# Ordinary Differential Equations/Basic Concepts

## What is a differential equation?

A differential equation is any equation that has a derivative of a function. Examples of differential equations are

• ${\displaystyle y'(x)=0}$
• ${\displaystyle y'(x)+y^{2}=0}$
• ${\displaystyle {\frac {du}{dx}}=4u+x^{2}}$
• ${\displaystyle {\frac {dx}{dt}}x=\sin(t)e^{-t}}$

The first example is the simplest differential equation with only a first derivative of the unknown function ${\displaystyle y(x)}$ and nothing else. The other differential equations are more interesting and include the unknown function with and without a derivative, terms with the independent variable, terms multiplying the unknown function with its derivative, and more complex functions of the independent variable.

## Ordinary Differential Equations (ODEs) and Partial Differential Equations (PDEs)

### Ordinary Differential Equations (ODEs)

An ODE is a differential equation where the unknown function has one independent variable, like ${\displaystyle y(x)}$, ${\displaystyle x(t)}$ or ${\displaystyle f(z)}$. Notation for ODEs can be

• ${\displaystyle {\frac {dy}{dx}}(x)={\frac {dy}{dx}}=y'(x)=y'=y_{x}(x)=y_{x}=y^{(1)}(x)=y^{(1)}}$
• ${\displaystyle {\frac {d^{2}y}{dx^{2}}}=y''=y^{(2)}}$
• ${\displaystyle {\frac {d^{5}y}{dx^{5}}}=y'''''=y^{(5)}}$
• ${\displaystyle {\frac {du}{dt}}=u'(t)={\dot {u}}}$
• ${\displaystyle {\frac {d^{2}u}{dt^{2}}}=u''(t)={\ddot {u}}}$

The ${\displaystyle y'}$, ${\displaystyle y''}$, ${\displaystyle y'''}$ notation, pronounced "y" prime, "y" double prime, "y" triple prime, is the most commonly used since it's compact to write, unlike the ${\displaystyle {\frac {dy}{dx}}}$ fraction, with the ${\displaystyle (x)}$ in ${\displaystyle y'(x)}$ left off.

The ${\displaystyle y_{x}}$ is another notation that is more common for PDEs and is discussed below.

When there are too many derivatives and counting the number of ${\displaystyle '}$ prime symbols become difficult, the ${\displaystyle y'''''=y^{(5)}}$ notation is used, with the parentheses meaning derivative rather than ${\displaystyle y^{5}=y\cdot y\cdot y\cdot y\cdot y}$ as ${\displaystyle y}$ to the fifth power.

The dot notation of ${\displaystyle u'(t)={\dot {u}}}$ and ${\displaystyle u''(t)={\ddot {u}}}$, pronounced "u" dot and "u" double dot, is a special notation for derivatives with respect to time ${\displaystyle t}$ and is common in engineering and physics.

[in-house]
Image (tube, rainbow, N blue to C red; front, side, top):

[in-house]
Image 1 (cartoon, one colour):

### Partial Differential Equations (PDEs)

A PDE is a differential equation where the unknown function has more than one independent variable, like ${\displaystyle u(x,y,z)}$ or ${\displaystyle f(x,t)}$. Examples are

• ${\displaystyle {\frac {\partial ^{2}u}{\partial x^{2}}}+{\frac {\partial ^{2}u}{\partial y^{2}}}+{\frac {\partial ^{2}u}{\partial z^{2}}}=0}$ (Laplace's equation)
• ${\displaystyle {\frac {\partial f}{\partial t}}+c{\frac {\partial f}{\partial x}}=0}$ (Advection equation)

PDEs are much harder to solve in general than ODEs and have different methods. A good foundation in ODEs is necessary before trying PDEs, which is a course all on its own.

## Order of an ODE

The order of an ODE is the term with the highest derivative.

• ${\displaystyle y'(x)=0}$ is a first order ODE.
• ${\displaystyle y''=x^{8}}$ is a second order ODE.
• ${\displaystyle y^{(5)}+y^{(4)}+y^{(3)}=0}$ is a fifth order ODE.
• ${\displaystyle y^{(2)}y^{(7)}=0}$ is a seventh order ODE.
• ${\displaystyle (y^{(4)})^{3}=y^{(4)}y^{(4)}y^{(4)}=0}$ is a fourth order ODE.

## Linear and Non-linear ODEs

A linear ODE is linear in the dependent variable. In other words, an ODE of ${\displaystyle y(x)}$ can be written with all the ${\displaystyle y(x)}$ terms and their derivatives not multiplying each other, to the first power, and not inside any functions. A non-linear ODE is any ODE that isn't linear.

• ${\displaystyle y'=0}$ is a linear ODE.
• ${\displaystyle y'=x^{8}}$ is a linear ODE.
• ${\displaystyle y'x^{8}=1}$ is a linear ODE.
• ${\displaystyle (y')^{2}=0}$ is a non-linear ODE.
• ${\displaystyle y'y=0}$ is a non-linear ODE.
• ${\displaystyle \sin(y')=4xy}$ is a non-linear ODE.
• ${\displaystyle y''+y=\ln(x)}$ is a linear ODE.
• ${\displaystyle y''+y'y=\ln(x)}$ is a non-linear ODE.
• ${\displaystyle y'''+e^{y}=7}$ is a non-linear ODE.